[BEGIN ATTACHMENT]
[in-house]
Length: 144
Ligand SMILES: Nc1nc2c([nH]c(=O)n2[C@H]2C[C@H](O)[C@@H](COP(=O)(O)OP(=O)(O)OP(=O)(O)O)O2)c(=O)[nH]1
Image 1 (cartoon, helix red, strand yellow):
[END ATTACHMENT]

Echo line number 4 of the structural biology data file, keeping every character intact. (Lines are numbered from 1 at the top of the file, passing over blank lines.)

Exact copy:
Image 1 (cartoon, helix red, strand yellow):